Not pictured: The main table. It’s an eight-sided table my FIL built in the early years. The eight sides correspond with the 8 sides of the hogan. They match, you see? That table was full, too. All in all, it was cozy and a good crowd. We are blessed and for that I am most grateful.

Happy Thanksgiving!!!

p.s. Remind me tomorrow to tell you tomorrow about the dream I had about a cat decades ago and how it came true this trip.

You CAN fight city hall


Last fall while my mother and my mother-in-law were both undergoing cancer treatments and I was working like crazy at my former company to integrate acquired accounts after the partial buy-out of another company, things fell apart at home. I was relieved that most of my bills were paid online because the last thing I was thinking about was the incoming mail, most of which is junk. So it wasn’t until three days after the deadline to appeal that I took a minute to look at my property taxes and realized that the county had assessed some $25,000 of “improvements” onto the value of my home and that my taxes went up over 33%. While I wish we had been able to afford $25,000 of improvements on our aging home, the tax increase hit us hard and completely ate up the savings we’d just established on our mortgage after a refi just months before. It hit us doubly hard when I realized that the automatic payments I had set up through my bank were not adequate, which I didn’t realize until we were assessed a whole mess of late fees because instead of at least making partial payments towards our mortgage with the inadequate payments, the mortgage company just kept shuffling our mortgage payments into a separate fund for “undetermined funds.” Whatever.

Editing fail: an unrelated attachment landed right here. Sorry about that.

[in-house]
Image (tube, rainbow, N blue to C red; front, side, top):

I tried to appeal anyway was was met with a goose chase and no sympathy from the county assessors office. I thought about all the people who are arbitrarily hit with similarly unjustified tax increases but don’t know how to fight back. I thought how the government should have to justify such unjustified tax increases rather than putting the burden of proof on the homeowner. And I contacted my state senator, who, though we no longer see eye to eye politically, has always been respectful and responsive. She gave me an email of a VIP at the county and I emailed him. No response. I emailed him again. No response. I emailed him a third time. No response.

Figuring I just had to hold my peace until I could fight city hall, or, as it were, the county assessor, I coughed up the hundreds of extra dollars and waited until this fall. At which time I contacted a friend of mine who is in the know about these things and had her do some comps for me. And I took my appeal to the county. I noticed upon second look that an adjustment had been made, so the VIP must have at least received and acted upon my emails even though he never bothered to respond. But the adjustment was not entirely adequate and I figured the county had robbed me of a good $400+ last year, so I did not want to give them another extra penny.